The Moon’s Mystery: Scientists Debate How it Formed
How was our planet’s satellite formed? Scientists are still searching for the answer.
by Robert Irion
It has taken centuries for scientists to settle on a creation story for our moon, the most popular of which is depicted on the July cover of National Geographic magazine. But as I learned at a recent lunch with Erik Asphaug, a planetary scientist at Arizona State University, the debate is still far from finished.
Before the giant impact model gained traction nearly four decades ago, three other models were in contention. One said the moon condensed from the same whirling cloud of dust that created Earth. But this “binary” model couldn’t explain why the moon, far from being a smaller twin of Earth, is much less dense than our planet, with no iron core.
A second model held that the young molten Earth spun so rapidly that it split apart, flinging a giant blob of magma into space. But Earth’s spin today and the moon’s orbit don’t fit the pattern predicted by the “fission” model.
In the third model, Earth’s gravity lassoed the moon as it wandered through from some distant part of the solar system. This “capture” scenario was appealing until the Apollo astronauts brought their moon rocks back home. The minerals in them turned out to be similar to those in Earth’s mantle—not exotic at all.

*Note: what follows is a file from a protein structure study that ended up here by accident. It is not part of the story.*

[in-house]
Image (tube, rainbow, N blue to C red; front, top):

The giant impact model avoided all these problems. When it came along in the 1970s, the model fit an emerging view of how the solar system as a whole had formed…
(read more: National Geo)
illustration by Dana Berry

The Moon’s Mystery: Scientists Debate How it Formed

How was our planet’s satellite formed? Scientists are still searching for the answer.

by Robert Irion

It has taken centuries for scientists to settle on a creation story for our moon, the most popular of which is depicted on the July cover of National Geographic magazine. But as I learned at a recent lunch with Erik Asphaug, a planetary scientist at Arizona State University, the debate is still far from finished.

Before the giant impact model gained traction nearly four decades ago, three other models were in contention. One said the moon condensed from the same whirling cloud of dust that created Earth. But this “binary” model couldn’t explain why the moon, far from being a smaller twin of Earth, is much less dense than our planet, with no iron core.

A second model held that the young molten Earth spun so rapidly that it split apart, flinging a giant blob of magma into space. But Earth’s spin today and the moon’s orbit don’t fit the pattern predicted by the “fission” model.

In the third model, Earth’s gravity lassoed the moon as it wandered through from some distant part of the solar system. This “capture” scenario was appealing until the Apollo astronauts brought their moon rocks back home. The minerals in them turned out to be similar to those in Earth’s mantle—not exotic at all.

The giant impact model avoided all these problems. When it came along in the 1970s, the model fit an emerging view of how the solar system as a whole had formed…

(read more: National Geo)

illustration by Dana Berry

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